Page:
Hedley June Market Commentary
June Market Commentary
The 2nd quarter of the year saw beaten down growth names, and technology in particular, make a broad comeback as the promise of the development of artificial intelligence lifted major technology stocks to new heights. This was reflected in the NASDAQ technology index having its best start to a year since 1983 with a gain of 31% year to date. For the 2nd quarter, the S&P 500 gained 6% in sterling terms, with Japan the only other major index recording a gain, of 3.5%. Elsewhere, both UK and European equities fell around 1.5% with bonds bearing the fallout of rising interest rates and gilts losing 6.5%.
On the economic front, inflation is the main focus of global markets with investors fixated on any data which may affect the ongoing rate. The news on this front is mixed, with the UK, in particular, having a difficult time getting this under control while recent data from the Eurozone suggests that the inflation rate there has now dipped to 5.5%, with similar readings in the US. Although this is moving in the right direction, the readings are still well above the central banks’ targets of 2% so there is still some way to go to bring this under control.
However, comparisons should get easier as the months move on but many economists predict that, nevertheless, it could prove difficult to bring inflation down to target levels anytime soon and we may have to live with slightly elevated levels for some time. The positive news is that employment remain strong so, although this is also part of the problem, the consumer is still able to spend. Conversely, the chances of recessions in Europe or the US remain high as the cost-of-living pressures continue but any downturn is likely to be shallow, which is why equity markets, in particular, remain reasonably robust. There are also some who hope for a mild recession as it would take away the pressure for central banks to do more and possibly make more damaging policy mistakes.
As a result of the still elevated levels of inflation, interest rates are likely to be increased still further with market commentators looking for perhaps an additional 1% in the UK and 0.25% to 0.5% in the US and Europe with central bankers continuing with their tough narratives. In fact, we have witnessed one of the most aggressive rounds of interest rate increases by western central banks in history, with The Federal Reserve increasing rates at every meeting since March 2022, a span that included four straight three-quarter point moves, before taking a break in June. However, while we are unlikely to see any respite from higher interest rates in the near term, it does look as though interest rates are at least approaching their peaks and although any decreases can be ruled out over the short and medium-term, financial markets are likely to exhibit an element of relief once the tightening cycle is at an end.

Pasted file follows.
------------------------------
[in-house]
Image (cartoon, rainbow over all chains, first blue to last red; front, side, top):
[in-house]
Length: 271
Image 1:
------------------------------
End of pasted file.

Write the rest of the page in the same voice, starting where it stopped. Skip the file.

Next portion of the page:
On the geopolitical front, the war in Ukraine shows no sign of ending but the recent unrest in Russia displays how quickly events could turn. Similarly, concerns over a China/Taiwan confrontation have eased for now but could well reignite over coming months and years. Any good news from these situations would certainly have a positive impact on financial markets.
We have seen a very mixed first 6 months of financial performance from markets. Technology has performed extremely well and while very concentrated, it has propelled the broader US index forward and to some extent, the Japanese indices. Other developed markets have produced more subdued performances with much of Europe showing some gains but the UK still lagging behind and emerging economies are a little higher. Fixed income markets are looking much more attractively priced at these levels and are already discounting higher interest rates. Moving forward, much will depend on inflation and by extension interest rates but once these look to be peaking then markets could react much more positively.